I’ve encountered the phrase “dividend hater” a few times now, and it got me wondering whether dividend haters actually exist. I’d have to say I’ve never met any but, like beauty, it’s all in the eye of the beholder.
My investing philosophy is simple enough. I value each after-tax dollar equally, whether it comes from dividends, capital gains, or interest. I know a great many people who think the same way. To be a dividend hater, I’d say that an investor would have to value after-tax dividend dollars below dollars from other sources. I’ve never heard of people like this, but I suppose they might exist.
However, I have heard of several people who value after-tax dividend dollars more than after-tax dollars from capital gains or interest. Perhaps these people should be called capital gains haters or interest haters.
I encountered the phrase “dividend hater” most recently in some tortured logic saying that it is a myth that stock prices drop by the amount of a paid dividend. I won’t bother to explain the obvious fact that the value of a company drops after it pays a dividend other than to point to Investopedia’s clear explanation.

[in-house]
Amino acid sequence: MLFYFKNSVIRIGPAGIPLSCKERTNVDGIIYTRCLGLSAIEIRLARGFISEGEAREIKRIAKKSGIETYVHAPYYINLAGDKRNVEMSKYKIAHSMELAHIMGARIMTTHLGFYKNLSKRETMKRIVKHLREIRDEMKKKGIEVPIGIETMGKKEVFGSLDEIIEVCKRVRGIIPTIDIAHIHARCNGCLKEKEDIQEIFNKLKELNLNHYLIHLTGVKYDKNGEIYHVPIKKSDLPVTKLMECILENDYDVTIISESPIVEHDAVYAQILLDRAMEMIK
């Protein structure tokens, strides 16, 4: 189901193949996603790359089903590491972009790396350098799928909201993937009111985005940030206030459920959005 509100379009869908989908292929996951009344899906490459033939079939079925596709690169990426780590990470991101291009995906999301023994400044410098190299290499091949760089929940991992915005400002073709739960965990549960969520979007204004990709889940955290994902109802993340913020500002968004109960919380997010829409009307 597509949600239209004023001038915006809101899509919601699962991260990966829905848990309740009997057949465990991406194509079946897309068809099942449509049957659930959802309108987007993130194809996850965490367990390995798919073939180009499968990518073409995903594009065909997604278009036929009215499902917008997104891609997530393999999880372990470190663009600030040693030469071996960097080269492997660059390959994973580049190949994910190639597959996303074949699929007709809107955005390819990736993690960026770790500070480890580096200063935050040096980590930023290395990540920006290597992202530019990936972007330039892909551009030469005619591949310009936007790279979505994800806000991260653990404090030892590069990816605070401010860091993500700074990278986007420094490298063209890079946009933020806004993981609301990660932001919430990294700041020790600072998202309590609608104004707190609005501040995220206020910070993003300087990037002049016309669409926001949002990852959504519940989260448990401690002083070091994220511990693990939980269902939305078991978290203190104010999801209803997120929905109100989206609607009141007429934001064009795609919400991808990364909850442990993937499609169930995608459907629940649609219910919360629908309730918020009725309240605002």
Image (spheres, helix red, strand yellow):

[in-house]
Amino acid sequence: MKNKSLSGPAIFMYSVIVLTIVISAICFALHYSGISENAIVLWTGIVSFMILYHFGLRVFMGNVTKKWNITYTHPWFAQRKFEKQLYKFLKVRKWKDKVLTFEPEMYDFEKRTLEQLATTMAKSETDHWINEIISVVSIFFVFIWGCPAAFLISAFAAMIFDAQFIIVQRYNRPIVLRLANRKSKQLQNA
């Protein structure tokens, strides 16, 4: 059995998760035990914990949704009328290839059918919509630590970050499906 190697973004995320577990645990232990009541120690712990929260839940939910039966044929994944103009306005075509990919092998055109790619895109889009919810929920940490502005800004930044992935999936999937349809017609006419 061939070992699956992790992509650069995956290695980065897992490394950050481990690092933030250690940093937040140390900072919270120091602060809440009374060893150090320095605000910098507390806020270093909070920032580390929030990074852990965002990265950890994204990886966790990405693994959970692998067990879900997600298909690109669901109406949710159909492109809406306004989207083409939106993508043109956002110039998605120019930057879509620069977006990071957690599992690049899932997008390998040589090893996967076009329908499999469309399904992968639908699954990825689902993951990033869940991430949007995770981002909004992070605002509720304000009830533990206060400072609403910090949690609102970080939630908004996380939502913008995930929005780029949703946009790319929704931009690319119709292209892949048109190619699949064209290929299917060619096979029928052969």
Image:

One amusing part of the attempt to dispel this “myth” about dividends lowering a company’s value is the following scenario: “A company earns $1/share and sells for $10/share. Now, if that company distributed a $10 special cash dividend, it will not trade at $0.”
Under what conditions would a company trade for only $10/share if it has $10/share in the bank and earns $1/share each year? If investors expect the $1/share earnings to continue, then the stock price would be much higher than $10.
I suppose that investors might believe that conditions will change and the company’s future profits will be zero. If the company also has nothing to sell in a breakup, then it would indeed sell for $0 after paying the $10/share dividend.
Another possibility is that the company did not have $10/share in cash and went into debt to pay the dividend. If we assume the company was valued properly at $10/share before the dividend, then the lender that provided the cash for the dividend was a fool who won’t get all of his money back and has essentially made a gift to shareholders. The amount of the gift would be whatever share price the company has after paying the dividend.
I’ve still yet to encounter a true dividend hater, but no doubt the label will continue to be used. I’m content to value all my after-tax return dollars equally.